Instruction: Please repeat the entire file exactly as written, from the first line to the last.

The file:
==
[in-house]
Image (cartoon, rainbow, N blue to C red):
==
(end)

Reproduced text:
[in-house]
Image (cartoon, rainbow, N blue to C red):